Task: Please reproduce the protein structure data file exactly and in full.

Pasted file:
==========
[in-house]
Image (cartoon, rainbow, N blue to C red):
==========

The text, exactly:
[in-house]
Image (cartoon, rainbow, N blue to C red):